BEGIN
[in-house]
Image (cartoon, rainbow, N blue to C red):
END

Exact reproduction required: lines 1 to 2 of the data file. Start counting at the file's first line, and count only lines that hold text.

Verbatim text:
[in-house]
Image (cartoon, rainbow, N blue to C red):